[Photos: “Iron Cross,” Calibra Pictures, 2010]

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The Best Of The Last

Portlandia Goes Out With A Bang

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The end is near. In mere days Portlandia wraps up its final season, and oh what a season it’s been. Lucky for you, you can watch the entire season right now right here and on the IFC app, including this free episode courtesy of Subaru.

But now, let’s take a moment to look back at some of the new classics Fred and Carrie have so thoughtfully bestowed upon us. (We’ll be looking back through tear-blurred eyes, but you do you.)

Couples Dinner

It’s not that being single sucks, it’s that you suck if you’re single.

Cancel it!

A sketch for anyone who has cancelled more appointments than they’ve kept. Which is everyone.

Forgotten America

This one’s a “Serial” killer…everything both right and wrong about true crime podcasts.

Wedding Planners

The only bad wedding is a boring wedding.

Disaster Hut

It’s only the end of the world if your doomsday kit doesn’t include rosé.

Catch up on Portlandia’s final episodes on demand and at

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Your Portlandia Personality Test

The New Portlandia Webseries Is Going Your Way

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Carrie and Fred understand that although we have so much in common, we’re each so beautifully unique and different. To help us navigate those differences, Portlandia has found an easy and honest way to embrace our special selves in the form of a progressive new traffic system: a specific lane for every kind of driver. It’s all in honor of the show’s 8th and final season, and it’s all presented by Subaru.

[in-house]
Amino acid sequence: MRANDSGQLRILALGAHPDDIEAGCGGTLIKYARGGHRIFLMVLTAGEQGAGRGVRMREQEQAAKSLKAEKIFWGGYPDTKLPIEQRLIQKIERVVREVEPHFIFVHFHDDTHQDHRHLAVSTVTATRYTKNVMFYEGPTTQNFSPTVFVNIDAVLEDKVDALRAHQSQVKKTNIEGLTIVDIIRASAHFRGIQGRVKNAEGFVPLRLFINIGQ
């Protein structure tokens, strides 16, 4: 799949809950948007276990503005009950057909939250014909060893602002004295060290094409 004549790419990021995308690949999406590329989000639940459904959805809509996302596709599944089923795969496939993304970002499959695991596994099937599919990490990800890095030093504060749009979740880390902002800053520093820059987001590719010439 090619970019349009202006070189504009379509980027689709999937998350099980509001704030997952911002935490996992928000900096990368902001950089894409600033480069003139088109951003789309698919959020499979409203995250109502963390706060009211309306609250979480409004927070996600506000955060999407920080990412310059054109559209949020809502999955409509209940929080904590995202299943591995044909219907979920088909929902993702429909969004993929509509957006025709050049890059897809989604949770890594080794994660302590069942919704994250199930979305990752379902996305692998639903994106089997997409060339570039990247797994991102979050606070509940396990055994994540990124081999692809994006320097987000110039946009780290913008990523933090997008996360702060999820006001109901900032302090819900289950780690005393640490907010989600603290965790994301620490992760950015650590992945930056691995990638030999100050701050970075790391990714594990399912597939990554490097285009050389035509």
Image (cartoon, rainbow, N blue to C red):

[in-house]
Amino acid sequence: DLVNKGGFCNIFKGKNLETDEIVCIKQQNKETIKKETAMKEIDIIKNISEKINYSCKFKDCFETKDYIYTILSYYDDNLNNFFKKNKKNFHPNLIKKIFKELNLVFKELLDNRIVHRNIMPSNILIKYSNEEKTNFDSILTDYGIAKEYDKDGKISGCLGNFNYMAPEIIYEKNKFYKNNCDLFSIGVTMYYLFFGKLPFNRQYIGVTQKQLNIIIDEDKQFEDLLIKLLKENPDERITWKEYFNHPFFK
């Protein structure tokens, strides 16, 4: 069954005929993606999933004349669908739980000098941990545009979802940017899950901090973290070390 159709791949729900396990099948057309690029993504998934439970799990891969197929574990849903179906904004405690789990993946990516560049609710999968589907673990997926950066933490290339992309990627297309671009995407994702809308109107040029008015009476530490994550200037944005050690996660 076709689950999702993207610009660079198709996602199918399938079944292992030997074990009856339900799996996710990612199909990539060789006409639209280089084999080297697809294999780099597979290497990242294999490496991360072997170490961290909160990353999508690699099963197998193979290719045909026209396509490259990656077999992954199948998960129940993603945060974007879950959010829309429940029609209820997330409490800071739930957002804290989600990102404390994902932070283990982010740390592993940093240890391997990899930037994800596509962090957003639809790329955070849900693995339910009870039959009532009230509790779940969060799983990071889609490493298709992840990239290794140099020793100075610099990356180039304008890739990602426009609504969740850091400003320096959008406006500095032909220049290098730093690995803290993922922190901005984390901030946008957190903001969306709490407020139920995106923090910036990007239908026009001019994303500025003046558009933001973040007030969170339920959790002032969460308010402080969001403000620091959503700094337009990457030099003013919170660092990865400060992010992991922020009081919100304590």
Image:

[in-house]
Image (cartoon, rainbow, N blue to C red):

Ready to find out who you really are? Match your personality to a lane and hop on the expressway to self-understanding.

Lane 10: Trucks Piled With Junk

Your junk is falling out of your trunk. Shake a tail light, people — this lane is for you.

Lane 33: Twins

You’re like a Gemini, but waaaay more pedestrian. Maybe you and a friend just wear the same outfits a lot. Who cares, it’s just twinning enough to make you feel special.

Lane 27: Broken Windows

Bad luck follows you around and everyone knows it. Your proverbial seat is always damp from proverbial rain. Is this the universe telling you to swallow your pride? Yes.

Lane 69: Filthy Cars

You’re all about convenience. Getting your car washed while you drive is a no-brainer.

Lane 43: Newly Divorced Singles

It’s been a while since you’ve driven alone, and you don’t know the rules of the road anymore. What’s too fast? What’s too slow? Are you sending the right signals? Don’t worry, the breakdown lane is nearby if you need it.

Still can’t find a lane to match your personality? Check out all the videos here. And see the final season of Portlandia this spring on IFC.

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Last-Minute Holiday Gift Guide

Hits from the '80s are on repeat all Christmas Eve and Day on IFC.

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GIFs via Giphy, Photos via The Everett Collection